This month we explore the true cost of financial emigration, including other factors to bear in mind before considering this complex and expensive process.

In the past, South Africans who worked abroad for more than 183 days were exempt from paying income tax on foreign earnings. However, since 01 March 2021 expat tax came into effect meaning that South African tax residents abroad are to pay up to 45% tax on their foreign employment income where it exceeds the threshold of R1.25 million.

This amendment, along with other factors, has forced an increasing number of South Africans to emigrate, as well as emigrating financially: changing their residence status to ‘non-resident’ for tax purposes.

If this is something you are currently considering or planning to do in the future, here are the most important cost considerations:


  1. Retirement annuities

If you emigrate financially, three consecutive years must pass from when you changed tax residency before you can withdraw your retirement savings as a lump sum from any retirement fund, including a pension, provident or preservation fund. Any withdrawal made from these investments are also subject to tax.


  1. Living and life annuities

Since these are post-retirement investments, you are not able to withdraw the funds. The regular income also cannot be paid directly into an offshore account, so you would have to transfer the funds from a South African bank account to your offshore account.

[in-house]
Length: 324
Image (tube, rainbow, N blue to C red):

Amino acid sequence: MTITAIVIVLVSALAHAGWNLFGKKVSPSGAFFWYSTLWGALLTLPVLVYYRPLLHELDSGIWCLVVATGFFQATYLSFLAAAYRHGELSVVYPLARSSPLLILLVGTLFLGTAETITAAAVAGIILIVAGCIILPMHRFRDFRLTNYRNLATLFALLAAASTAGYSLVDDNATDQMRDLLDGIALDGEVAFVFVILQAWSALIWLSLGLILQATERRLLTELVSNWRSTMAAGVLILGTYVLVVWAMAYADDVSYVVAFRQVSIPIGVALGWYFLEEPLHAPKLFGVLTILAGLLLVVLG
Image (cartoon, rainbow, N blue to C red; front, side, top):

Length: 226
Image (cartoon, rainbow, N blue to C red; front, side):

1. Property

You are able to keep property in South Africa after you have financially emigrated, but you will be taxed on any rental income you receive from the property. If you sell your property before emigrating financially, you will be liable for capital gains tax.


  1. Capital gains tax (CGT)

When ceasing your tax residency, capital gains tax applies to all foreign fixed property, shares, cryptocurrency, unit trusts and similar investments and trusts. Consider the following example:

If your net capital gain is R1,15 million, then R444,000 (40% of this amount, after taking into account the R40 000 annual exclusion applicable to individuals) would be liable to CGT in your personal capacity, while the 80% inclusion rate for Trusts means that you’ll be taxed on a sum of R920,000.

Assuming a personal tax rate of 41%, which is used to determine your CGT obligations, you will end up paying an exit tax of about R182,000 while the exit tax on Trust assets is around R414,000 on a CGT rate of 45%.


If you are considering financial emigration, discuss the decision with your financial advisor sooner rather than later. The cost implications could have a massive effect on this decision, so find out as much as you can before starting the process.